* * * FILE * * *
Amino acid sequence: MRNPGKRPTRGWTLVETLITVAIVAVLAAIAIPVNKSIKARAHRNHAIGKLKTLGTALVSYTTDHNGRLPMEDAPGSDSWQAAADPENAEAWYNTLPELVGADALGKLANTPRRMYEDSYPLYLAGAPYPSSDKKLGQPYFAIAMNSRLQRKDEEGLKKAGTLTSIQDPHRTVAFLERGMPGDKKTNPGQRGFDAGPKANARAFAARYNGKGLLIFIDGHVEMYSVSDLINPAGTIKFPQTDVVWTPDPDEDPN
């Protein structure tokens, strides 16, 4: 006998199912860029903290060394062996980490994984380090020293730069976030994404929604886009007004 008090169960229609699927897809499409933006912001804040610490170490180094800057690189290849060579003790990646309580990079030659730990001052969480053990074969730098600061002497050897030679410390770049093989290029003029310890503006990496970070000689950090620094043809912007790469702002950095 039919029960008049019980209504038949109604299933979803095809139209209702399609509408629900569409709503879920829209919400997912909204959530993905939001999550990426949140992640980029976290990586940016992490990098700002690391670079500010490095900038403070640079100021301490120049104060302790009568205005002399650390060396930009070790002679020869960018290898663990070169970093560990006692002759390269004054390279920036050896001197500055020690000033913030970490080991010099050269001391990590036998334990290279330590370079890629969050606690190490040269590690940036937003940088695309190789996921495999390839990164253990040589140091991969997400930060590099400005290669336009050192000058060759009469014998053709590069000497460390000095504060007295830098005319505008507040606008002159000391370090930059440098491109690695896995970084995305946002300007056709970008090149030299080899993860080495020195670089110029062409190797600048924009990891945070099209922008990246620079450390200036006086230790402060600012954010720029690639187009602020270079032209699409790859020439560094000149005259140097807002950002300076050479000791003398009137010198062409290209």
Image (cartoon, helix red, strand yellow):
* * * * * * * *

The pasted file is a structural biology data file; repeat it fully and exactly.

Amino acid sequence: MRNPGKRPTRGWTLVETLITVAIVAVLAAIAIPVNKSIKARAHRNHAIGKLKTLGTALVSYTTDHNGRLPMEDAPGSDSWQAAADPENAEAWYNTLPELVGADALGKLANTPRRMYEDSYPLYLAGAPYPSSDKKLGQPYFAIAMNSRLQRKDEEGLKKAGTLTSIQDPHRTVAFLERGMPGDKKTNPGQRGFDAGPKANARAFAARYNGKGLLIFIDGHVEMYSVSDLINPAGTIKFPQTDVVWTPDPDEDPN
């Protein structure tokens, strides 16, 4: 006998199912860029903290060394062996980490994984380090020293730069976030994404929604886009007004 008090169960229609699927897809499409933006912001804040610490170490180094800057690189290849060579003790990646309580990079030659730990001052969480053990074969730098600061002497050897030679410390770049093989290029003029310890503006990496970070000689950090620094043809912007790469702002950095 039919029960008049019980209504038949109604299933979803095809139209209702399609509408629900569409709503879920829209919400997912909204959530993905939001999550990426949140992640980029976290990586940016992490990098700002690391670079500010490095900038403070640079100021301490120049104060302790009568205005002399650390060396930009070790002679020869960018290898663990070169970093560990006692002759390269004054390279920036050896001197500055020690000033913030970490080991010099050269001391990590036998334990290279330590370079890629969050606690190490040269590690940036937003940088695309190789996921495999390839990164253990040589140091991969997400930060590099400005290669336009050192000058060759009469014998053709590069000497460390000095504060007295830098005319505008507040606008002159000391370090930059440098491109690695896995970084995305946002300007056709970008090149030299080899993860080495020195670089110029062409190797600048924009990891945070099209922008990246620079450390200036006086230790402060600012954010720029690639187009602020270079032209699409790859020439560094000149005259140097807002950002300076050479000791003398009137010198062409290209």
Image (cartoon, helix red, strand yellow):